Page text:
Today’s Supreme Court decision in Utility Air Regulatory Group v. EPA is potentially a huge setback for the climatistas and the Obama administration’s recent proposal to regulate greenhouse gases through the Clean Air Act, though it is a complicated opinion and will take a while to unravel. It is a typical 5 -4 ruling along the usual lines, but in some ways appears to be a 9 – 0 vote against the EPA on the narrow holding, as the Court’s opinion features multiple partial concurrences and partial dissents about various sub-parts of the opinion that make it confusing to unravel. (And I’m in a conference all day long.)
I wrote about the core of the dispute here on Power Line three years ago, which I’ll repeat here:
Here’s the problem, long predicted by me and lots of other folks who know how the Clean Air Act works. The Act says any stationary source that emits as little as 100 tons a year of a pollutant must get annual permits from state agencies and the EPA. 100 tons is a lot if you’re looking at pollutants like volatile organic gases (unburned hydrocarbons) that contribute to ozone, but is a tiny amount for carbon dioxide. Your average fast-food restaurant or donut shop or apartment building easily emits 100 tons of CO2. Right now about 14,000 stationary sources have to get annual emission permits under the Act. By regulating CO2 through the Clean Air Act, the number of businesses that will require EPA permits will be over 6 million.
Who says this? The EPA itself, in a recent analysis:
Sources needing operating permits would jump from 14,700 to 6.1 million as a result of application of Title V to greenhouse gases, a 400-fold increase.…Hiring the 230,000 full-time employees necessary to produce the 1.4 billion work hours required to address the actual increase in permitting functions would result in an increase in Title V administration costs of $21 billion per year.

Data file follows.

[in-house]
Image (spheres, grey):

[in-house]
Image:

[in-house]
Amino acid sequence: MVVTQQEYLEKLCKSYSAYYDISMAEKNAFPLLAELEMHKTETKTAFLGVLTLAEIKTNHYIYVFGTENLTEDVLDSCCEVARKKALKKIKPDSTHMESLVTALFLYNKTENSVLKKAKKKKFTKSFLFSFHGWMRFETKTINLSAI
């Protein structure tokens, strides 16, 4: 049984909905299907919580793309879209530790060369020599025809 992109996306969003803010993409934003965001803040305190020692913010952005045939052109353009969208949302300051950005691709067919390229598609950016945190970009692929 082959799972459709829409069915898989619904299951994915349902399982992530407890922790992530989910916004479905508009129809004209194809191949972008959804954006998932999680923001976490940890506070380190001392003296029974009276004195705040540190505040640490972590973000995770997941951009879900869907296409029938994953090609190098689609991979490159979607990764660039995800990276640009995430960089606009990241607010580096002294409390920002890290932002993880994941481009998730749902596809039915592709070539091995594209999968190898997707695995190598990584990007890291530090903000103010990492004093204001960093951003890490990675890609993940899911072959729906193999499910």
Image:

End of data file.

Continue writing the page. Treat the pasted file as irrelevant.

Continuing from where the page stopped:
Totally absurd, right? The EPA agrees, but it is planning to go ahead anyway. Here’s more from their analysis:
While EPA acknowledges that come 2016, the administrative burdens may still be so great that compliance at the 100/250 tpy [tons per year] level may still be absurd or impossible to administer at that time, that does not mean that the Agency is not moving toward the statutory thresholds. To the contrary, through this regulatory process “EPA intends to require full compliance with the CAA applicability provisions of the PSD and Title V programs….” (Emphasis added.)
Nice going Supreme Court. It is obvious to anyone that Congress would never approve such an absurd result in ordinary legislation, but our administrative state, with a supine judiciary giving them the green light, charges right ahead. [End of excerpt from my original post.]
Now back to today’s ruling, in which the Court may have started to walk back its mistake in Massachuseets v. EPA. Justice Scalia wrote the main opinion, and completely rejects the EPA’s “tailoring” rule, which sought to restrict the reach of their permitting activity. First, Scalia says that the Clean Air Act permits, but does not require, the EPA to regulate greenhouse gases. But more significant, Scalia said the EPA overstepped its statutory authority in attempting the tailoring rule. From the syllabus:
EPA lacked authority to “tailor” the Act’s unambiguous numerical thresholds of 100 or 250 tons per year to accommodate its greenhouse-gas-inclusive interpretation of the permitting triggers. Agencies must always “ ‘give effect to the unambiguously expressed intent of Congress.’ ” National Assn. of Home Builders v. Defenders of Wildlife, 551 U. S. 644, 665. The power to execute the laws does not include a power to revise clear statutory terms that turn out not to work in practice. Pp. 20–24.
I’ll have to read through the entire opinion carefully to figure out the fine points and what it might portend for a challenge to Obama’s latest proposal. There is some other language in Scalia’s summary that suggests the new EPA proposal might survive legal challenge. But it is unlikely that the EPA will now propose permitting 6 million stationary sources, or hiring over 200,000 new employees to implement such a program. Go ahead, make my day.
UPDATE: Jonathan Adler has more here.